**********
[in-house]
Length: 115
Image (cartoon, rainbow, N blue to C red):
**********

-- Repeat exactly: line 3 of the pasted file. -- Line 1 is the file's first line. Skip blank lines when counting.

Image (cartoon, rainbow, N blue to C red):